It came back, resistant, resistant, resistant, resistant. And finally, aha, there was one antibiotic at that time that had some effect on that disease. They treated me, and thank God there were this new-generation drug. And so that transformed my life.
Molecular microbiologist Lance Price also grew up on a farm, a cattle ranch. He watched firsthand as a neighboring dairy went from a small-scale family operation to an high-density, industrial-scale farm.
They are called concentrated animal feeding operations. Lance Price says they are fertile breeding grounds for disease.
LANCE PRICE, George Washington University:
You pack them together, snout to tail in the case of pigs, and beak to feather in the case of chickens and turkeys, they're going to share bacteria.
So we have engineered a system that makes them sick. Rather than change that system, we actually just add low doses of antibiotics to try to prevent infections.
Price and his team at George Washington University conduct large epidemiological studies of meat that is sold in grocery stores. They culture the bacteria found on the meat and test to see how they react to disks saturated with antibiotics. He is hunting for superbugs.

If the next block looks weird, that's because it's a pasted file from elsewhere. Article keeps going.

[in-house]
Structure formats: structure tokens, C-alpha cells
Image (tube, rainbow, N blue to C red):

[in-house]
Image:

If they're susceptible, that is, not resistant, to the antibiotic, they will be inhibited. They won't grow near the disk. But when they grow right up to the disk, like all of these, that means that that bacteria is resistant to all those antibiotics. You don't want to get infected with one of these.
And these are bacteria that we actually isolated from the food supply.
He sequences the genomes of E. coli from food and from people, comparing them to a database of 7,000 distinct types of the bacteria.
We're trying to figure out, hey, did this urinary tract infection come from the E. coli from animals or from food?
He says there is a strong case linking the use of antibiotics in livestock to the spread of drug-resistant bacteria in humans.
So, on every grocery store shelf in this country, I guarantee you you're going to find drug-resistant bacteria on the meats of those shelves. And then they get in our guts when we consume the meat from those animals.